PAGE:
COCI: Land granted by Lake, not Connor

PHILIPSBURG–It was former Minister of Public Housing, Spatial Planning, Environment and Infrastructure VROMI Maurice Lake, who granted St. Maarten Chamber of Commerce and Industry (COCI) a parcel of land in the vicinity of the ring road, and not former Minister Claret Connor.

The land was granted to the Chamber on September 18, 2014, with the fee of one guilder annually until January 2016.

  COCI President Peggy-Ann Brandon, reacting to comments about the land by Prime Minister William Marlin (National Alliance) on a radio programme, said in a press statement the long lease called for one guilder a year until January 2016, and thereafter NAf. 4 per square metre from January 1, based on a land value of NAf. 50 per square metre, being NAf 40,000 per year.

  “The suggestion that Minister Connor just before his departure issued this land for one guilder to COCI, against all procedures is absolutely false,” Brandon said.
   Although, COCI “wishes to remain neutral,” it has been “inadvertently drawn into the political campaign” and is “forced to respond to the incorrect and unsubstantiated account given on the subject matter,” she said.

  Marlin “suggested” on the radio programme that Connor, currently COCI Executive Director, had issued the long lease to COCI a day before his departure from office as a minister in October 2015 and this lease included the property on which Air Lekkerbek restaurant has been located for 20 years. Marlin also said COCI received the land for the fee of one guilder per year, while others have to pay a regular long-lease rate.

  COCI was given a period to pay one guilder per year for the property is based on the requirements of Government in the development agreement, based on which COCI at its own expense is obligated to develop the property. The period for which one guilder must be paid “serves to allow each party to prepare and meet the obligations set in the Development Agreement, as COCI cannot comply with certain requirements without the Government doing its part,” said Brandon.

  COCI was not given an advantage rather it has “accepted quite a risk, burden and task to develop an economic service centre and to pay for all parking facilities and other facilities demanded by the Government.”

  The inclusion of the land where Air Lekkerbek stands “is in the opinion of COCI incorrect.” When the land was given out the then minister “never indicated that the property would include the area where Air Lekkerbek is located. The Ministry of Public Housing, Spatial Planning, Environment and Infrastructure VROMI, clearly based on available renditions/concepts at the time, determined the size of the property and its bounds.”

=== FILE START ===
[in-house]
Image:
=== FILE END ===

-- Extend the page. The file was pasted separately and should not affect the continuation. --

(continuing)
Brandon said to COCI’s the knowledge the Air Lekkerbek land is expected to become part of a roundabout.

  The dimensions of the property granted to COCI were set by the VROMI Ministry and through Domain Affairs Department submitted it to the Notary. “COCI accepted the property as per the indication of VROMI and set forth in the decision and agreement, and which to its knowledge does not include the Air Lekkerbek property,” said Brandon.

  COCI, following that decision, approached the notary on the execution of the deed of transfer to which the Government must cooperate. The transfer tax that was being levied on the transfer of the property was not based on the long lease fee, but on an estimated future value of the property (one that yet has to take shape).

  In the process of verification of the transfer tax amount, and while awaiting the final development agreement, six months lapsed and the Notary required a new decision, which was sought in 2015.

  COCI explained that it received a warrant for payment of NAf 10,000 in long lease for 2014, whilst the property was issued in September, 2014. It seemed that the wording resulted in different interpretations and COCI requested the long lease to be re-issued and updated.

  COCI also indicated that the financial burden placed by the long lease during development and construction was unduly high and requested the fee to be set in increasing increments.

   On October 26, 2015, COCI finally received the “re-issued” long lease decision. With the execution of the Development Agreement in place, COCI could finally get the transfer deed executed on November 12, 2015.

  “So contrary to the statements of the honourable Prime Minister the land in question was not issued to COCI a day before the Minister had to leave office. Given that this matter was before the Government long before the caretaker period commenced, the finalization hereof was fully in line with the permitted actions. This was not a new matter, and did not pertain to a new issuance of property. Government is obligated to cooperate with the recipient on the transfer of the property,” said Brandon.

  Marlin has “also unduly created the impression” that COCI would have caused a third party to be deprived of a right to property because the land was given to COCI. He “failed to explain” that COCI is a semi-Government institution, that it works on economic development and that this land issued is permitting COCI to actively work towards execution of its task to promote economic development in St. Maarten, she said.

  “COCI did not receive a gift, but accepted this property with its requirements, restrictions and financial implications; financial burdens which means the Government now would not need to develop an Economic Service Centre for the benefit of the country.

Source: Daily Herald
COCI: Land granted by Lake, not Connor

2 COMMENTS

  1. who are we fooling do we forget that the COIC is a governent organization? MOney is just moving from one pocket to the other one, this is really stupid

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